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Aside from his love of writing, Michael is an armchair anthropologist, political junkie and history buff, a dreamer and a schemer, cat companion, and aspiring rap lyricist. When not writing, he may be found training hand-to-hand combat in hallways, bathroom stalls and other close quarter settings. He has been called an honorary ‘Soul Brother’ for his love of Motown and 70s R&B, and has a professional background as a market launch, brand development and guerrilla marketing specialist for tech startups. As a biographer, Michael has chronicled the lives of genocide survivors, entrepreneurs, war veterans, and, most recently, the incredible comeback story of a baseball star who overcame decades of drug addiction.

As a Story Terrace writer, Michael interviews customers and turns their life stories into books. Get to know him better: you can read an autobiographical story of his own below. Get in touch today to work with him!

My Favorite Kitty: the First Time I Ever Saw His Fat Little Face

I was nearing the end of sixth grade and it was Lauren’s 11th birthday and she declared that she wanted a purebred Siamese kitten, and that according to her research mom should be willing to spend up to $200 for one. ‘$200?!’ I thought to myself, incredulously. We already had The Wild and Wooly Pudin, and, plus, shouldn’t we be supporting social consciousness by rescuing a kitten from a shelter? I certainly had my reservations, and when I learned that we’d be driving all the way out from Lake Forest Park to the boonies of Monroe, I thought to myself, ‘wow, this must be a specialized breeding farm, or a scam.’ Likely the latter, as Siamese were, in my mind, a rich person’s luxury—people living on the Eastside, like Grandma and Poppa, owned them. Not us.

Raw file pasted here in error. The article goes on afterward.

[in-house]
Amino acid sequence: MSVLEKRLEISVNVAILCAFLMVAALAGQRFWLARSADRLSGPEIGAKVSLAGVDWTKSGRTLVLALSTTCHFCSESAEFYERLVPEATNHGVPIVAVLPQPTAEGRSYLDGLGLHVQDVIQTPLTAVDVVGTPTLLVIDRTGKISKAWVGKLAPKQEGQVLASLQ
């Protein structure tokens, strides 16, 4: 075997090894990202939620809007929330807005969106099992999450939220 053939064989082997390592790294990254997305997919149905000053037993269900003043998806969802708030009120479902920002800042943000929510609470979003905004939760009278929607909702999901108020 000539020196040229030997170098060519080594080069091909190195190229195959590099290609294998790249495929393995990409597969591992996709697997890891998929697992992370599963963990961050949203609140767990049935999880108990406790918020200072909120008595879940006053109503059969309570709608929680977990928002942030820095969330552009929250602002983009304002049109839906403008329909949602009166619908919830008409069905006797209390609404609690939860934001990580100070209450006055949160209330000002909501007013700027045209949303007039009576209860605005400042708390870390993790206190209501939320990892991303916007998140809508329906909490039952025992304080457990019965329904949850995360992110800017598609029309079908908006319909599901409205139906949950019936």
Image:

We were too middle class; kitties of our social standing were Calicos, Tabbies, Russian Blues like resident cul-de-sac alpha male Gris and maybe Tuxedos like Pudin, our unneutered and newly arrived challenger to Gris’ throne.

Lauren had scoured an ad in the Seattle Times classifieds (you entered this world at the end of the analog era, when people still thumbed through paperboy-tossed newspapers and Craigslist was just a place for casual sex) and so we contacted the folks and drove their way.

As we journeyed in the ’93 Jeep Cherokee away from metropolitan Seattle and through cow manure stench farmland strips of highway and old auto rows and bleak horizons of flat brown grass, I was all the more certain that this was a hoax. Purebred Siamese kitties—entire litters of them—did not come from places like this.

Nearing our destination, we pulled off the paved road, opened a rusted gate of weather-beaten wood and veered down a dirt path with tall trees overhead. The sun was soon to be falling, and it was a setting out of Deliverance, only I was 12, buck-toothed and flabby—the antithesis of Burt Reynolds.

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